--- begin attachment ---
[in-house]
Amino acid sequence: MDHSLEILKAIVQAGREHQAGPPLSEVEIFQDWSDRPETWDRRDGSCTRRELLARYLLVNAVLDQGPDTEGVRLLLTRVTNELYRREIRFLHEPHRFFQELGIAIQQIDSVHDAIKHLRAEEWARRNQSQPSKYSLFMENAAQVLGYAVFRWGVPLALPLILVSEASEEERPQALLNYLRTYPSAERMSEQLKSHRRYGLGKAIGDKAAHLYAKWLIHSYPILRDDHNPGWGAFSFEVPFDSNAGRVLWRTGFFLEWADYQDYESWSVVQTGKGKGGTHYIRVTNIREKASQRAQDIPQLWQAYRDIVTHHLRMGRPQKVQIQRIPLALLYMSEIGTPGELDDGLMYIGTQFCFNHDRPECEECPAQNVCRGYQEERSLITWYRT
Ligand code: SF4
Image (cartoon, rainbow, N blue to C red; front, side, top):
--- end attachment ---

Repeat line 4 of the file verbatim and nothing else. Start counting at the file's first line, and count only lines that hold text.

Image (cartoon, rainbow, N blue to C red; front, side, top):